Smart Scale

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Smart Scale refers to a transportation funding mechanism that scores projects submitted to the Virginia Department of Transportation based on how they would address congestion, provide acccess to jobs, increase safety and other benefits. The project was created as a result of House Bill 2 in the 2014 General Assembly. [1] [2]


This was the first year that VDOT has ranked submissions. The Commonwealth Transportation Board made their final decisions in June.

Three projects submitted by the City of Charlottesville were approved ended funding after the first stage.

Scores were first released in January 2016. A project to rebuild Exit 118 on Interstate 64 ranked 282 out of the 287 projects submitted and the application was not funded. [3] Chip Boyles of the Thomas Jefferson Planning District Commission said that did not mean the project was not needed, but that officials would have to streamline their application to fund it. The $146 million cost of the project had no other source of funding except VDOT funding, causing the score to be much lower. [1]

In February, assistant secretary of transportation Nick Donahue reviewed the projects with the CTB. He told them that the prioritization rankings are just a guide and are not the final say. [citation needed] However, the three Charlottesville projects were all approved with no changes from the CTB. [4]

The PACC discussed the issue at their August 2016 meeting. [5]

On October 20, 2016, NDS director Alexander Ikefuna told the PACC-Tech Committee that there was no schedule for the projects to be implemented. The University of Virginia has expressed interest in participating in the Emmet Street project. [6] In an email to Charlottesville Tomorrow, Ikefuna said there would be a request for additional resources to help implement the projects.


In the second cycle, Albemarle county fared much better. The city of Charlottesville, however, failed to secure $18.6 million in funding for the West Main Streetscape. [7] Charlottesville was successful in obtaining more than $8 million for improvements at the intersection of Barracks Road and Emmet Street. [8]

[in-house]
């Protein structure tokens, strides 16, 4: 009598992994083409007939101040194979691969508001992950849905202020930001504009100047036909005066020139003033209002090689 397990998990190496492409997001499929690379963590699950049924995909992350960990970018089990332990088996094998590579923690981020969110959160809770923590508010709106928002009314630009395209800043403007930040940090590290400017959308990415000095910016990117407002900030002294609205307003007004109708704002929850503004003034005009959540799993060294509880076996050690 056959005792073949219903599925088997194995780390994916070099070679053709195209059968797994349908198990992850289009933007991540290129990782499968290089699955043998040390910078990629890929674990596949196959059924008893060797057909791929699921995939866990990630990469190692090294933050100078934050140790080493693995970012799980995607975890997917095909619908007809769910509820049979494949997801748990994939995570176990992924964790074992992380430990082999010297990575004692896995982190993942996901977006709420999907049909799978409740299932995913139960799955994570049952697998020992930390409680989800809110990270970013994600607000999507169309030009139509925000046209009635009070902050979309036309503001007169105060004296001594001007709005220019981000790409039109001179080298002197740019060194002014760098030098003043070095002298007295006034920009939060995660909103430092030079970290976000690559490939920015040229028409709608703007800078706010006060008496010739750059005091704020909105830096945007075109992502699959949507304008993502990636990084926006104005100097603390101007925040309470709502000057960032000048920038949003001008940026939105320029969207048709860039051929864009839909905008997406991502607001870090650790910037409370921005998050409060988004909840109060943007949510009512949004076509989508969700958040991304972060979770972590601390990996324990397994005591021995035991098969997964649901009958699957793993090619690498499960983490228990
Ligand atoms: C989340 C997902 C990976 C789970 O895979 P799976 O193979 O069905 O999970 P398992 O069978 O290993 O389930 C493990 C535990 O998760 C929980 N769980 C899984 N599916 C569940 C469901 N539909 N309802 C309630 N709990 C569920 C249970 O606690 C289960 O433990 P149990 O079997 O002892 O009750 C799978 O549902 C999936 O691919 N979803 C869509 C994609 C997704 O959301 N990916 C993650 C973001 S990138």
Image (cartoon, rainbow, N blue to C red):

Another cycle is currently underway.

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  1. 1.0 1.1 Web. Transportation officials discuss low ranking for Exit 118, Sean Tubbs, Charlottesville Tomorrow, January 27, 2016, retrieved February 22, 2016.
  2. Web. State transportation official explains new prioritization rules, Sean Tubbs, Charlottesville Tomorrow, September 25, 2014, retrieved February 22, 2016.
  3. Web. I-64-U.S. 29 interchange overhaul ranked near bottom of state priorities, Sean Tubbs, Charlottesville Tomorrow, January 22, 2016, retrieved February 22, 2016.
  4. Web. State transportation panel to vote on Charlottesville streetscape projects, Charlottesville Tomorrow, June 13, 2016, retrieved October 24, 2016.
  5. Web. Regional and university leaders discuss streetscape projects, Sean Tubbs, News Article, Charlottesville Tomorrow, August 18, 2016, retrieved January 11, 2017.
  6. Web. Regional and university leaders discuss streetscape projects, Sean Tubbs, Charlottesville Tomorrow, August 18, 2016, retrieved October 24, 2016.
  7. Web. MPO gearing up for next long-range transportation plan, Sean Tubbs, News Articl, Charlottesville Tomorrow, January 25, 2017, retrieved December 26, 2017.
  8. Web. City Council Approves Grant Funding for Barracks Road Area, Victoria Wresilo, News Article, WVIR NBC29, April 2, 2018, retrieved April 9, 2018.

External Links

Official site